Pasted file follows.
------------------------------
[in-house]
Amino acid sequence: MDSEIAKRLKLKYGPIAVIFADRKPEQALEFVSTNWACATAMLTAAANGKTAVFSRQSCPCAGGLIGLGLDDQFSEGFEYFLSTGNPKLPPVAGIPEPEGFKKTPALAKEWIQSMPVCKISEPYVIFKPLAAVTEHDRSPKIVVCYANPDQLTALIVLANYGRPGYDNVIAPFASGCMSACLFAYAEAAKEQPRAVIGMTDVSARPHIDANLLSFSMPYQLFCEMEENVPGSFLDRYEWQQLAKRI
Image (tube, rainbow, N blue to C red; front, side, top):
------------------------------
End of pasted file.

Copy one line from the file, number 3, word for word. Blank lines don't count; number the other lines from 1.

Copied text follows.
Image (tube, rainbow, N blue to C red; front, side, top):